What Is A Business Model? All of Your Questions Answered

There is no doubt that launching and/or operating a business can be a truly memorable experience.

However, without proper planning and management, it becomes considerably more difficult to succeed in today's business environment. This is exactly why it's crucial for both startup companies, as well as existing businesses, to have a thorough understanding of their business models.

Essentially, having a firm understanding of business models helps new entrepreneurs, as well as experienced business owners, make better, more educated decisions on how to currently run the business, as well as operate into the future.

A well thought out model drives profits, reduces expenditures on resources, and improves the longevity of a business's sustainability.

Defining Business Models

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A business model is basically the main rationale or idea behind how a company plans to capture, create, and deliver value to an audience from both a social and economic standpoint.

Although a business model can be complex and in-depth, it typically only needs to identify the products and/or services it plans on offer, its intended target market, and any expenses it might face in the future.

Essentially, while a company's business plan is a much broader overview of its operations, its business model directly reflects how they plan to operate profitably.

The process of building, monitoring, and modifying a business model over time is often referred to as business model innovation and in today's modern business environment, forms a critical component of any successful business's overall strategy.

The Importance of a Business Model

Business models are important for both new and established businesses.

For instance, newer startups can use their business model to help acquire funding from investors, find and recruit employees or partners, to keep current personnel motivated, and increase overall sales.

On the other hand, an established business benefits from regularly re-evaluating their models, which will help them identify and anticipate trends, and improve their overall success.

Additionally, whether a business is new or fully established, having a firm understanding of its business models is crucial when approaching investors or financial institutions for funding.

Different Types of Business Models

It is important to understand that there are different types of business models and that there is no one-size-fits-all solution that is best for every type of organization out there.

It is also important to understand that some businesses might have a hybrid business model, which may allow for the offering of a broader range of products and services. For example, a retail store might also include eCommerce as part of its business model, if they wish to sell their merchandise in-person, as well as online.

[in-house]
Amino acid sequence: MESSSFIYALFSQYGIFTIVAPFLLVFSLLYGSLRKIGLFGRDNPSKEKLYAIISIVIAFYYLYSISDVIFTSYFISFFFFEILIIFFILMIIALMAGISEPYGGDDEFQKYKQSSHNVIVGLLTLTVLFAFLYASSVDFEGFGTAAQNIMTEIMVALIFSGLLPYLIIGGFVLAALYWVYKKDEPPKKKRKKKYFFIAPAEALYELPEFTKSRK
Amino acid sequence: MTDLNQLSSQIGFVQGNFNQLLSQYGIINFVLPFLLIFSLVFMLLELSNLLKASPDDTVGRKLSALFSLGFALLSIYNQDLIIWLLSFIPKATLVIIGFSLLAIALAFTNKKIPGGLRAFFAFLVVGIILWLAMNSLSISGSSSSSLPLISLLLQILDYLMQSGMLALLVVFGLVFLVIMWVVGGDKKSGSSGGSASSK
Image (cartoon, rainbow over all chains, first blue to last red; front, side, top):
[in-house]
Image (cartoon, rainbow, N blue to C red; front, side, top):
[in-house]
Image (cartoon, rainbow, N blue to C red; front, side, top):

A few common models include, but are not limited to-

  • Manufacturing
  • Distributing
  • Retail
  • Advertising-based
  • Direct sales
  • Franchising
  • eCommerce
  • Affiliate sales
  • Dropshipping

Understanding Different Models of Business

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One of the most important aspects of any successful business model is the its unique selling points, and value proposition.

Basically, these are a description of what a business is offering, and why its products or services are in demand. Which, ideally, should always be different from what other similar competing businesses are using as their value propositions.

One other thing that virtually all successful business models have in common is that they all identify and fulfill a common consumer need, at both a competitive, and still profitable cost.

But again, no two business models are the same.

Therefore, a new business' model would include information related to startup expenses and funding, its target market and marketing strategy, a competitive analysis, as well as financial forecasts. Whereas an established business would not need to include the same information.

Regardless, over time, every business needs to occasionally evaluate its model to reflect the ever-changing market conditions, such as supply and demand.

Business Model Examples

To better illustrate a business model in action, consider the following scenario where two competing retailers sell designer jeans from brick-and-mortar storefronts with similar profit margins.

As time goes by, market condition change, and both companies begin to see their profits decline.

When Company A notices a decrease in its profit, they re-evaluate their, business model and decide to start selling its jeans online, instead of in-store. In turn, this affects their existing business model in a positive manner, increasing its profit margin, since its operating costs were significantly reduced, without affecting the cost of the products they sell.

Basically, Company A does not even need to increase its sales, and it's still able to increase profitability by simply re-evaluating and modifying its existing business model.

On the other hand, Company B does not re-evaluate or update its business model to sell online, leaving them stuck with a much higher operating cost, and a lower gross profit margin.

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